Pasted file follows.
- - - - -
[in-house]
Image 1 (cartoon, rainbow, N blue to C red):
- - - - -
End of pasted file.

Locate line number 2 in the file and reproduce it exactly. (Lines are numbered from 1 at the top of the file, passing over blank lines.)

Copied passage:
Image 1 (cartoon, rainbow, N blue to C red):